From: Mary Zalmanek
Sent: Wednesday, August 20, 2003
To: Friends and Family
Subject: Great Divide Progress - August 17 to 19
August 17 - Rawlins to Aspen Alley (54 miles, 6850 feet)
After feeding us breakfast, Jeff biked with us for about an hour as we left Rawlins. Kurt and his wife Sandy drove the motor home for us today – just two more examples of how nice those BOB Boys (and their wives) are. The hardest part of meeting new friends on a trip like this is leaving them behind.
Here's Evan pedaling beneath the canopy of aspens in the gorgeous mile-long stretch of road known as Aspen Alley near the Wyoming-Colorado border.
Just as we were saying goodbye to Kurt and Sandy for the last time, a pair of hikers passed us. We caught up with Bill and Ursula a few minutes later and chatted for a while. They were hiking the Continental Divide Trail carrying 25-pound packs. They are far more adept at traveling light than we are. The Camelback packs that Jim and Evan carry weigh that much alone. These folks are serious backpackers; they've hiked the entire Appalachian Trail and the Pacific Crest Trail more than once. This was Bill's second time to do the Continental Divide. In Butte we met Hugh who was just finishing this same fete. He said he'd lost 8 out of 10 toenails.
The day was cool and overcast with scattered showers all around us. For most of the day we were lucky enough to miss the rain, but we were constantly hounded by steady headwinds. About 5 miles from our camp, Jim and I got caught in a downpour. We donned our rain gear and when the thunder and lightening subsided, we finished the ride.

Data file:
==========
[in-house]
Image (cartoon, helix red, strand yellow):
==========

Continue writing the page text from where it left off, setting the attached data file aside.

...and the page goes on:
I was exhausted when I rolled into camp. My altimeter said we'd climbed 6850 feet. I thought perhaps the storm affected the reading since it is based on barometric pressure, but Evan and Jim assured me it wasn't that far off. We climbed one substantial hill and a seemingly endless number of rolling hills after that. Chamois time on this 54 mile ride was nearly the same as for the 73 mile ride. Now I understood why I felt like I'd been run over by a truck! I sat in a stupor while Evan cooked dinner for the second time, and then Jim did dishes.
August 18 - Aspen Alley to Steamboat Lake (18 miles, 720 feet)
A steady rain and rolling thunder at 6:00 a.m. gave me permission to go back to bed. After yesterday's ride, I hoped it would rain all day. Jim and Evan read and played cards while I caught up on my journal entries. Around noon it was clear that we couldn't coax another drop of rain out of the sky, so we packed up and headed out.
If we hadn't been crossing the state line into Colorado, I would have been happy to ride in the motor home all the way to our next camping spot. There were no official signs on the dirt road welcoming us to Colorado. Even with our maps and Jim's GPS (global positioning system), we weren't able to pinpoint the exact spot we crossed the border. We picked an arbitrary spot along the Little Snake River to celebrate the crossing with Cheetos and a diet Coke. Jim and I had a short, easy ride, which was just what we needed.
August 19 - Steamboat Lake to Steamboat Springs (34 miles, 940 feet)
Today's ride started with 10 miles downhill on a winding dirt road through majestic mountains and picturesque ranches. It doesn't get much better than that! The rest of the ride was pavement, some of it with very narrow shoulders. Traffic was light to moderate before we got to Steamboat, and heavy in town.
Just after I got to the campground, Tina, the woman we met last week in Pinedale, showed up at our campsite. Since she is doing this trip on a road bike, she isn't traveling the same route as we are and we really didn't expect to see her again. We caught each other up on the week's events. Her week didn't go as well as ours. She had one fall, one high-speed near miss, and a beer can thrown at her by someone in a passing truck. I invited her to dinner, wanting to show her some of the kindness we've been blessed with on this trip.
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